The U.S. Food and Drug Administration (FDA) revealed their proposal for updating food package Nutrition Facts labels in a Feb. 27 Consumer Update. The proposed design gives the calories per serving top billing in a large, bold font. The number of servings per package is also prominent on the new label, making it easier for consumer to know exactly what they are doing if they choose to eat that entire bag of potato chips.
"Obesity, heart disease and other chronic diseases are leading public health problems. The proposed new label is intended to bring attention to calories and serving sizes, which are important in addressing these problems.” — Michael Landa, director of FDA's Center for Food Safety and Applied Nutrition.
Nutrition Facts labels first appeared on food packages in 1993. Much has changed over the ensuing 20 years. According to the FDA, people are eating larger serving sizes and obesity and heart problems remain serious problems in the country. The updated label is an attempt to help consumer make smarter food choices.
Additional changes include adding a separate line for added sugars, elimination of “calories from fat” as the type of fat is more important than the total amount, and the amounts of vitamin D and potassium will be included on the new labels.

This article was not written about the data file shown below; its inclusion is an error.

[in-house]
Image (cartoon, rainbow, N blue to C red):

The FDA is also proposing that serving sizes reflect reality. For example, a 20-ounce bottle of soda is usually labeled as 2.5 servings while many consumer drink the entire bottle as one serving. The new law would require the food industry list serving sizes based on what people actually consume, not what they should consume.
The public is invited to comment on the new label design during the 90-day comment period. The FDA has two proposals published with the Federal Register, one to update nutritional information and one to make changes to serving size requirements. The FDA proposes giving the food industry two years to comply with any new regulations.